The following interview is with Freeman Hrabowski III, president of the University of Maryland, Baltimore County (UMBC). Throughout his career, Hrabowski has been a leader in creating postsecondary opportunities for underserved student populations and supporting their success through higher education. For example, Hrabowski pioneered UMBC’s highly successful Meyerhoff Scholars Program, aimed at increasing diversity among future leaders in STEM fields, which now counts 900 alumni and 290 students. In this interview, he shares his thoughts on what it takes to increase accessibility for first-generation college students and expands on what higher education institutions need to do to ensure these students succeed academically.
1. What are the biggest roadblocks first-generation students face when it comes to accessing higher education?
A number of students are not in homes in which someone knows what it takes to be successfully admitted to and enrolled in a university. You’d be surprised how many people will wait until the summer to talk about doing what’s necessary to go to college when there is an application process, a deadline, which may be April or May and then the issue of financial aid. What happens to a number of students who are first generation [is] they end up saying at the last minute that they definitely want to go to college and they plan to go, but they simply have not understood the timing involved in that decision making.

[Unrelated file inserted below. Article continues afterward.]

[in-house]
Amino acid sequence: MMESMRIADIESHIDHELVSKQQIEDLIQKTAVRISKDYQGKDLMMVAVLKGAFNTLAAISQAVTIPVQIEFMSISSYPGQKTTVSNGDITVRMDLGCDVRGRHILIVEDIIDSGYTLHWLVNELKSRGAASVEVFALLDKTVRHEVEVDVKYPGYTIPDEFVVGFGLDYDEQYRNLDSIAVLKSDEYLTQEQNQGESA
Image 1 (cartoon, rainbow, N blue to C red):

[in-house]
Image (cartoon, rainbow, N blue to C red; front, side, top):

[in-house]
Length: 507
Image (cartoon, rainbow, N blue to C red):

2. Once they’re enrolled, what are the most significant challenges they face in persisting through their education?
It’s important for people to remember that large numbers of people who are first-generation college students may not [be] prepared academically for the college experience. Large numbers of first-generation college students end up taking a placement exam in math or reading and have to take remedial courses. Unfortunately the majority of students who take remedial math, for example, are not successful that first time. The real challenge — and this is for students of all races — is that large numbers of students who are first generation have serious academic challenges and are not able to get beyond the remedial courses.